At least he is not as forthright in calling for the opposition to walk as is Pham Binh, an American blogger who used to be a member of the International Socialist Organisation. The comrade claims that “Tom Walker, who wrote a powerful and searching resignation letter, is much more advanced in his thinking than the SWP’s critical stalwarts.” Accordingly, SWP leading dissident Richard Seymour’s “exhortation to SWP members to fight is right in spirit, but mistaken strategically. ‘Leninism’ is a rigged game to begin with, and the reality is that the majority of the SWP is behind the leadership, the CC holds all the cards, and the opposition’s power has peaked, as demoralisation, resignations, and expulsions take their toll.” Unfortunately for comrade Pham Binh, the “more advanced” comrade Walker was explicit in saying that he does not have answers for the left to move forward. One wonders where SWP oppositionist comrades are supposed to go, or how walking is going to advance the cause of revolutionary organisation?

Finally, if only to point out some of the pseudo-anarchist side-effects that the profligacy of stultifying bureaucratic centralism can throw up on the left, it is briefly worth mentioning Barry Biddulph’s reply to Simon Hardy on Bolshevism, which was published on the Commune website. For comrade Biddulph, bureaucratic centralism and Lenin were simply two peas in the same pod from 1904 (!) onwards. Not only does this let the SWP leadership off the hook somewhat: it also does a staggering disservice to any serious historical approach to Bolshevism. Comrade Biddulph merely takes all the hoary old myths of Trotskyism on the “vanguard party” (the elite that ‘worried about the workers’, the alleged formation of the single-faction Bolshevik ‘party’ in 1912, the so-called ‘deBolshevised’ Bolshevik party in April 1917, when it supposedly ditched the minimum-maximum programme, etc) and inserts ‘minus’ signs where most of our Trotskyist comrades have ‘plus’ signs. The fact that the article is illustrated by a flattering image of Rosa Luxemburg does nothing to strengthen comrade Biddulph’s argument.

His is a cruder form of the anti-partyist spontaneity of the far left more generally: the strategic way forward supposedly lies solely in strikes, workers’ committees, factory bulletins, occupations, demonstrations, etc. That the party is built on theory and programme ‘from the top down’ is, for these comrades, pure Bonapartist elitism etc. For Marxists it is ABC.

Significant silence

Whatever their merits or shortcomings, at least one can say that the above comrades felt obliged to comment, however tangentially, on developments in the SWP. Thus far this is not the case for two of the SWP’s larger competitors on the British left: i.e., the Socialist Party in England and Wales, and the Communist Party of Britain.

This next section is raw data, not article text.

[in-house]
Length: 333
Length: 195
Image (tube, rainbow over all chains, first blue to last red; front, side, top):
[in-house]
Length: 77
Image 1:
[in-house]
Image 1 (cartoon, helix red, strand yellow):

Perhaps a certain sense of Schadenfreude currently prevails as they watch one of their most influential opponents tear themselves to pieces as they get on with ‘building the party’. After all, the Morning Star’s CPB in particular is steeped in the bizarrely Manichean world view that consists of their group and the mass organisations on the one hand, and nothing but ‘sects’ on the other.

Indeed, given that the historical roots of those like Robert Griffiths can be traced back to the (Stalinised) reading of Lenin’s What is to be done? and tracts like Stalin’s Fundamentals of Leninism and the Short course, it is hardly to be expected that the CPB would seek to lecture the SWP on democracy, internal or otherwise. (That said, it is obvious that the old ‘official’ CPGB certainly had a healthier democratic culture than the SWP today, what with elected district secretaries and such things!)

The Socialist Party’s Peter Taaffe is hardly a champion of Bolshevik democracy either. In his (pretty dire) defence of the Militant’s lack of democracy in 1996, he takes the line of Counterfire and Workers Power by wheeling out the usual nonsense that allowing open factions could lead to his group becoming nothing more than a “debating club”. (We note that the split in the Militant used the pages of that famed Marxist daily, The Guardian, to argue out its differences!)

Yet he and others in the SPEW office might look upon developments within the SWP with a certain apprehension. A rank-and-file rebellion in the SWP will hopefully lead to similar developments across the left more generally. It might serve to embolden those SPEW comrades who, say, might have concerns about the group’s fawning attitude towards the trade union bureaucracy, and how this manifests itself in that group’s deadly dull weekly publication, The Socialist. Here’s hoping …